Select the right words. Say them well.

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Edition Number 87

If you’ve ever been asked to serve on a conference or luncheon panel, you probably have had the experience of wondering how to handle that situation well. You’ll often find yourself in front of peers, clients and bosses where you have a chance to shine – or blow it! Let’s focus on the “shine” part and talk about how to make the most of your Panel fame!

Most of the time when you are asked the request falls into two categories. First, you may be an expert in the field or were just part of a high-profile effort in your profession. The stakes are higher here because you are probably at an industry meeting and the panel may get some attention from both friends and foes. Second, it may simply be a panel of experienced folks who are there to share their expertise for a gathering of students or a community group. There is less stress here because mainly you are there to offer your thoughts and experiences, but not being judged by anyone along the way.

In either case there are some absolutes you MUST know before going on that panel:

Who else is on the Panel? Always know who else is speaking. Do you know them? What is their area of expertise? And then what can you say to add to the mix?

Who is the moderator? Do you know them? Do they have an ax to grind here or are they neutral? What is their likely approach? Will they try to run the show or give each person a chance to speak their piece?

Is there a pre-meeting? There should be! You want to know what the format of the meeting is, what the other panelists want to say and what the audience is expecting. All of that can be discussed in a well-run 20 minute phone conference.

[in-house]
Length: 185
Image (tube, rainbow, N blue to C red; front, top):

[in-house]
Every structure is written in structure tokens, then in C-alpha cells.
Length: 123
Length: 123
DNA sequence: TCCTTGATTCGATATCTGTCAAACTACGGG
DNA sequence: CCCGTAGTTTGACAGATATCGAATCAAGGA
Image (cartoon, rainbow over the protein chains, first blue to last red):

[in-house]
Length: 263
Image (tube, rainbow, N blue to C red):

Do they allow visuals? We’ve all sat through panel discussions where it is just an endless hour of boring talking heads. Don’t let that be you! If visuals can be accommodated, bring them. Compelling pictures or video help you communicate your message (see below) and help you stand out.

Who is in the audience and how many are expected? The more you know about the audience the more you will be able to have some impact with what you offer. Most panel discussions include a few minutes for each panelist to provide some opening comments. You should frame those comments with the audience in mind.

What is your message? As with almost every Monthly Memo, we talk about this topic and it’s very important here as well. Anytime you speak, to a live audience or the media especially, you need to know your message and have a specific plan for how you would like to deliver it. If you offer a compelling message in an imaginative way you just may be the one panelist they remember!